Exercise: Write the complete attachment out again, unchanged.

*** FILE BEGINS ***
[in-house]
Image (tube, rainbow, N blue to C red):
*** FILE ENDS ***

[in-house]
Image (tube, rainbow, N blue to C red):